Not even an unwelcome intervention from the stadium announcer midway through his run-up could bother ice-cool Greig Laidlaw as he kicked Scotland back from the brink in Rome.
The Scots had cause to lean on Laidlaw’s ever-accurate boot twice in the final five minutes to lift them to a 29-27 victory, and that after he had switched for the second time in the championship to stand-off with the Italians 24-12 and one score from breaking the game open.
Instead, the assured play of Laidlaw at 10, the speed of Ali Price’s delivery as replacement scrum-half, and a devastating mauling game brought two converted tries and Laidlaw’s last gasp winner.
The jeering and whistling from the Italian fans to try and put Laidlaw off was expected, but not the Stadio Olimpico announcer – easily the loudest of his ilk in the 6 Nations – making a fruitless plea to silence the supporters just as Laidlaw moved to kick the ball.
“It went between the posts and over the bar so I was happy,” he said. “You have to just try and block everything else out and rely on your technique.
“Thankfully it held up again today although i have said to the boys don’t be putting me in that position too many more times.”
Playing in France with Clermont-Auvergne, where noise to distract the kicker is taken for granted, has helped more, he said.
“It is something you get used to as a kicker. It does not matter what kind of noise it is, if it’s the crowd or even the announcer. You don’t even notice it.”
Laidlaw felt the entire team kept their heads, refusing to panic even when they were down by 12 points.
“Credit to us for that, I don’t think we panicked,” he said. “We were always saying if we got a hold of the ball we could score points. We played for full 80 minutes and came away with an ugly win.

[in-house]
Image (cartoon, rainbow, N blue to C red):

“It says a lot about the team. We have worked on our character in both defence and attack, we don’t want to win games ugly but we can do it.
“A couple years ago we might not have been able to come back like that. Today was really impressive. Everybody took a couple of deep breaths , listening to the leaders. The plan was there and we stuck to it and we pulled ourselves out of a hole.”
The real credit had to go to the forward, who “drove us back into the game” with a series of mauls, continued Laidlaw.
“It really sucked the life out of them near the end of the game,” he added. “You could see the Italian forwards were gasping for air and we were pushing them back through the drive. That is what probably turned the game for us.
“They were starting to give us quicker ball and were on top, so it is always easier as half-backs when you get quicker ball. We put our foot on their throat a little bit and grabbed a hold of the game.”
Laidlaw still wants to play a big part in the summer tour as Scotland continue their development.
“I am pretty competitive and I love playing for my country so it is something I don’t take lightly,” he said.
“We are still evolving. We would like to be further down the track and still look at the Welsh result and the performance and the Irish result but we are quite far down the track, playing some good rugby and winning some big games.”